The archives allow a reconstruction of the key roles played in Indochinese trade by the entrepreneurs who led the most notable firms, including Auguste Raphaël Marty (1841-1914) and Édouard Jules d’Abbadie (1853-1904) headed Marty & D’Abbadie, an active trading house between Haiphong and Hong Kong; and Denis Frères, originally from Bordeaux, based mainly in Saigon. Surprisingly, the book speaks little of the latter firm, despite devoting a whole chapter to Saigon, which emerged vigorously in 1860-1900. It hosted some dynamic German merchants, such as Speidel (p. 210). It was vital to the development of Chinese commercial capitalism, which saw the rise of steam rice mills (including a Spiedel factory) and a jump in rice exports (365,000 tonnes in 1879, 525,000 in 1883). A chapter is also devoted to port city of Haiphong, which became French Indochina’s principal naval base and a thriving commercial center. Denis Frères settled in Haiphong in 1879-1884. From there rice, silk, tin, tungsten, and oils were exported, while English cotton, opium, and various consumer goods were imported.

Becker constructs a novel and comprehensive history of the internationalization of trade in the South China Sea, led by German and French companies. The 92 German and 86 French ships easily outnumbered the 29 English ships and accounted for nearly three-fourths of the maritime zone’s ships in 1905. Germany’s Speidel was particularly prominent. France’s Marty & D’Abbadie (Marty after 1907) also managed a high volume of river and maritime traffic, after establishing the Tonkin Shipping Company in 1884. The final case study investigates the French Treaty port and enclave of Guang Zhou Wan (now Zhanjiang), between Tonkin, Hainan, and Hong Kong, which had become emblematic of the plans for expansion in Southwest China. But it quickly disappointed its promoters, despite publicity efforts that touted it as a model of urban development.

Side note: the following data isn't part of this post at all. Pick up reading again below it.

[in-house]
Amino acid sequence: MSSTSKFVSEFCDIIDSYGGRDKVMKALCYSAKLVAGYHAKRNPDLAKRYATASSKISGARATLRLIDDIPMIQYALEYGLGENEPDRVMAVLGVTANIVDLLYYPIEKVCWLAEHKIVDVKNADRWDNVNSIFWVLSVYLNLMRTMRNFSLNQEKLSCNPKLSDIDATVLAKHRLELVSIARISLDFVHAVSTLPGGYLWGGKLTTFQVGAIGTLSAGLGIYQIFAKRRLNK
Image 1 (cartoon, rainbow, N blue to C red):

Becker’s analysis is well documented. Each chapter includes an extensive bibliography and detailed references to archival sources. Although the book is less extensive in its coverage of the 1920s, it describes post-World War I attempts by German companies to regain a foothold in Southeast Asia. At the macro level, this book is a careful and detailed assessment of “open economy growth” based on the development of intensive trade links between Europe and Indochina, which became increasingly French, and Hong Kong. It also explores the commercial and maritime consequences of these Asian ventures. At the micro level, it convincingly emphasizes the role of French and German merchants and companies in this “great powers” competition.


Hubert Bonin ( is a researcher in banking and business history at BSE-Bordeaux University. His recent publications include The Worldwide Legacy of Haute Banque, from 19th to 21st Century (Peter Lang, 2022), edited with Roger Nougaret.